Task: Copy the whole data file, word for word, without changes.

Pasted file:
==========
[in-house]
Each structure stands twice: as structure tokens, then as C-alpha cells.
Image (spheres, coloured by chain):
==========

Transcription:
[in-house]
Each structure stands twice: as structure tokens, then as C-alpha cells.
Image (spheres, coloured by chain):